First published on VDARE.com on this day in 2017.
See also, from 2019: Affirmative Action Comes For The Nobel Prize In Science
Going back to before the Larry Summers’ whoop-tee-do in 2005, I’ve been pointing out that the three hard science Nobels deserve admiration for not caving in to our culture’s demands for diversity. The media, in contrast, mostly ignored it the demographics of Nobel winners because the prestige of the Nobels might undermine the Narrative.
This year, however, the NobelsSoWhiteMale mindset finally kicked in. For example, from Scientific American:
Once Again, No Female Nobel Winners in ScienceTeh-Genius Coates has FDR’s redlining 80 years ago as his all-purpose explanation for African American underperformance (such as Coates’ writings), but now we’ve got an even more antiquarian excuse: Hypatia! Of course, Scientific American’s math is off by about 900 years. Hypatia died in 415 A.D, which was 1,602 years ago, not “nearly 2,500 years ago.” (But who can keep BCE and CE straight?)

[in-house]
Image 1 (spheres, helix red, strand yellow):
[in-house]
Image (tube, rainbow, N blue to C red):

Including the zero honored this year, there have been just 17 in the history of the prizes. Why so terribly few? By Christophe André on October 4, 2017
Nearly 2,500 years ago, the Egyptian mathematician and philosopher Hypatia was stoned in public by order of the Bishop of Alexandria.
Similarly, from Slate:
Nobel Prizes Should Reward Science, Not ScientistsWell, she died in spring 1958, more than 4 years before Crick and Watson’s Nobel Prize, and the rules for Nobels say they can’t be posthumous awards. Anyway, I’d say we're rapidly approaching the point at which more high school students have heard about Rosalind Franklin as the Real Discoverer of DNA.
The current system has a long history of sexism and racism. Reforming the prizes requires reinvention.
By Devang Mehta
… This brings me to my second objection: the fact that the prizes have a long history of sexism and racism. Every high-school and undergraduate biology student has heard of Francis Crick and James Watson, the Nobel Prize–winning discoverers of the structure of DNA. How many know that their work was possible only due to data collected by Rosalind Franklin, a more meticulous scientist whose data was shared with the prize-winners without her permission? Franklin was never even nominated for the prize.